I’m deeply grateful to have a job. Certainly deeply grateful that it is rewarding on many levels despite the long and frequent commutes, the bureaucratic bs and the oft-times idiotic decisions that lead to wide-eyed surprise at the obvious SNAFU outcomes. All that notwithstanding, I’m truly grateful for time spent at home after grueling days on the road. And this weekend was not different.
Fall has settled comfortably into the valley that contains our house, the forest, and the various fauna. The colours of the maple, birch, and oak are vibrant; even the unceasing misty days can’t subdue them. We are inundated with tomatoes and squash. I’ve never been successful with squash but this year there is a bounty of Spaghetti, Buttercup, Acorn, and even a late yet determined Crooked-neck. We’re usually the masked rangers sneaking around the office building leaving zucchini in waiting rooms. But not this year. There were only four; two the size of baseball bats, and two smaller ones. I’ve left one in the garden, squeezing out every microlumen of light I can for it. The other yielded about a cup of shredded delight and wisdom.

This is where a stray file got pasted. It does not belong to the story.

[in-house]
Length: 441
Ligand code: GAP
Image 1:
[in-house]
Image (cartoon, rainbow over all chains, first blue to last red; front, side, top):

Travelling is bad for the eating habit energy. Past stories intrude into the present, derailing intentions to respect my limited lifetime and aging cardiac system. So when I get home, I try to make up for the bad karma. This time with the help of some of my somewhat unruly Facebook friends, I hit on an idea for Nutella zucchini muffins. It called for shredded zucchini. And time.
It’s an interesting concept that we have all the time in the world but never truly experience it that way. In sangha yesterday, we read from Dogen’s Uji – Time-being. It might have helped the shredding-being to “see each thing in this entire world as a moment of time.” Thankfully, the zucchini saw that as it slid cooperatively up and down the perforations in the steel plate. And then, in a moment of time, it was a small nub, forcing me to slow down. To stop. To feel the watery pulp that was still form, and yet no-form.
Practice is like that. We start full of fire and consuming everything in our path; shredding, pulping, reducing everything to what our little digestive systems can handle. And then, suddenly one day, we know enough to slow down, to stop.
And to see that there is “nothing but just this moment.”